I began my 20 years of service as a paratrooper in the IDF in 1984 and very quickly came to understand that Israel’s mandatory military service has, in large part, made our young country the global powerhouse it is today. That experience in the service of country is of immeasurable value. Learning through service is an education unlike any other.
I began my 20 years of service as a paratrooper in the IDF in 1984 and very quickly came to understand that Israel’s mandatory military service has, in large part, made our young country the global powerhouse it is today. That experience, in the service of country, is of immeasurable value. Learning through service is an education unlike any other.
Tikun Olam – Repairing the world is something I learned in the IDF; Israel has become a number one responder to natural disasters around the world. Teen Relief Missions (TRM) has learned from this and has been responding to natural disasters for over 15 years. We educate the teens about what it means to repair the world and what it means to be an ambassador of the Jewish people.
And like the IDF experience, it’s impossible to overemphasize the impact that TRM has on their teen volunteers as well as on the ravaged communities they serve. I am still able to picture the tearful thank you the Minnesotan brothers gave the TRM volunteers for saving their elderly father’s life. TRM teens had repaired the father’s furnace before an impending snowstorm, making it possible for him to stay in his home. When another one of our groups returned a year later, the brothers embraced them, welcoming back the “Jewish group from New Jersey.”
The sense of purpose and satisfaction teens feel when giving to others in many ways makes them the true beneficiaries of these missions. I have been awed and inspired at seeing the hearts and minds of Jewish teens transformed when given the opportunity to live Jewish values. They return infused with a sense of purpose and often take on leadership roles in their own communities. Many point to the mission experience as the reason they are teaching in Jewish schools today.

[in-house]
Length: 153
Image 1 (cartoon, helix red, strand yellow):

When I led the first mission to New Orleans in 2005 after Hurricane Katrina, I could never have imagined that over the next fifteen years we would run over 200 missions with more than 3,000 teens to places like Kentucky, Texas, New Orleans, and Puerto Rico. Additionally, I hadn’t known we would get the opportunity to partner with stellar organizations like Habitat for Humanity and Repair the World.
After our successes with TRM, we expanded and have now become OU Relief Missions (OURM) and run the same quality programs, now offered for people of all ages; college students, young professionals, families, and our over 60s populations. With this, we have also expanded internationally offering humanitarian aid to orphans in Romania and Rwanda, as well as India. The requests keep coming in and our population is always ready to answer the call.
Today, with the establishment of the OURM, I am proud to carry on the tradition I was part of in the IDF. With this new venture OURM we will be able to expand the opportunity for more Jewish individuals of all ages to help more people heal after a natural disaster.
We’re just getting started and we hope you’ll join us on this life-changing journey.
Rabbi Ethan Katz
Founder and Director of OU Relief Missions